University of Pennsylvania Museum of Archaeology and Anthropology

Journey across China. Day 2- Where the Yellow River flows

June 5, 2013

Bright and early at six in the morning, we began our journey west. The first quest was to travel beyond the Fourth Ring Road by 7am to avoid traffic fines (a policy implemented by the government to ease congestion in the inner city). We headed southwest toward Baoding 保定, and after driving for nearly an hour, we exited Beijing City. We made a stop at a roadside cafeteria for breakfast. At 15 yuan per head, you can fill your metal compartmented tray from a selection of pickled vegetables, eggs, millet soup, fried rice, and various kinds of steamed buns (mantou 饅頭).

We made a stop for lunch at a rest stop in Qingxu 清徐. The canteen, which can accommodate around 200 people, was crowded with travelers and thick with smoke. The grubby interior, the incessant loud chatters, and the sight of men with exposed bellies were not exactly conducive to appetite but they are a stark illustration of the fervent adherance to food and communal dining in Chinese culture. What made me more appreciative of the pleasures of Chinese food was the assortment of Shaanxi specialities we picked up at various eateries along the way – there was lushaobing 爐燒餅 which is a crispy pastry shaped like a croissant, roujiamo 肉夾饃, which looks like a burger with savory meat or veg filling sandwiched between two flat steamed buns, wantuo 碗坨, a kind of shaved noodles made of buckwheat, and liangpi 凉皮, cold rice noodles.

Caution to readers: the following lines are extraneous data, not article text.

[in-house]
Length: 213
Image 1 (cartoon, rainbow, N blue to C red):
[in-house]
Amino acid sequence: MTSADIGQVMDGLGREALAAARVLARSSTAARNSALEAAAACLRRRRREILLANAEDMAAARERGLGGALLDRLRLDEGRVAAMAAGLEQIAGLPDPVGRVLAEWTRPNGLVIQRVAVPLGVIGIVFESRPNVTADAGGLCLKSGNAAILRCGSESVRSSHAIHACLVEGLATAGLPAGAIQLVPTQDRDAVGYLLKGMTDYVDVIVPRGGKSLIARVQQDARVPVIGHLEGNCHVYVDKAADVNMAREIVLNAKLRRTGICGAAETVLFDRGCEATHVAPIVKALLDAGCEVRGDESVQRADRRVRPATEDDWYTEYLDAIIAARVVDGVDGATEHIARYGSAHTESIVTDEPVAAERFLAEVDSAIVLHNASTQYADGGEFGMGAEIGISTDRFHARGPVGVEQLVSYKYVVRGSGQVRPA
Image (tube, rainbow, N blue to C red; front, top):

As we travelled from Hebei to Shanxi, forested valleys gave way to fortified loess terraces on either side of the highway. For the purpose of soil preservation, farming is restricted to certain areas only. The scenery visible from the highway was rather banal until we reached the border between Shanxi and Shaanxi at Jundu 軍渡 where we crossed the Yellow River. Overloaded with sediments from the loess plateau to the north, the Yellow River is known in history for its ability to both nurture and destroy. We met another landmark of Chinese history at Jingbian 靖邊 where the highway turns northwest and runs along remains of the Great Wall. This led us to our pit stop for day one, Dingbian 定邊, a small town near the border between Shaanxi and Ningxia with an economy based primarily on mining.

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Clockwise from top left: the Yellow River, roujiamo, wantuo, breakfast buffet, and the Great Wall.

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